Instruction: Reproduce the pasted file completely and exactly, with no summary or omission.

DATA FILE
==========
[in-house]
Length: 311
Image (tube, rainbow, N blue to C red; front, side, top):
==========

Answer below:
[in-house]
Length: 311
Image (tube, rainbow, N blue to C red; front, side, top):